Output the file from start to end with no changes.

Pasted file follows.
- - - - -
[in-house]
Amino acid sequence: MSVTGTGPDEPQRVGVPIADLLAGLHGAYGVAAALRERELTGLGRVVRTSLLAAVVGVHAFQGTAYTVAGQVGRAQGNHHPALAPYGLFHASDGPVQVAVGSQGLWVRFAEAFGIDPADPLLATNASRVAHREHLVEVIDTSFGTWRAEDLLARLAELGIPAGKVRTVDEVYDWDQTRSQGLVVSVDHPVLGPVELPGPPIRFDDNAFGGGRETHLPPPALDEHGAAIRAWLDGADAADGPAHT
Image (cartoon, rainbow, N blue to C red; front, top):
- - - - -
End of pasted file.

[in-house]
Amino acid sequence: MSVTGTGPDEPQRVGVPIADLLAGLHGAYGVAAALRERELTGLGRVVRTSLLAAVVGVHAFQGTAYTVAGQVGRAQGNHHPALAPYGLFHASDGPVQVAVGSQGLWVRFAEAFGIDPADPLLATNASRVAHREHLVEVIDTSFGTWRAEDLLARLAELGIPAGKVRTVDEVYDWDQTRSQGLVVSVDHPVLGPVELPGPPIRFDDNAFGGGRETHLPPPALDEHGAAIRAWLDGADAADGPAHT
Image (cartoon, rainbow, N blue to C red; front, top):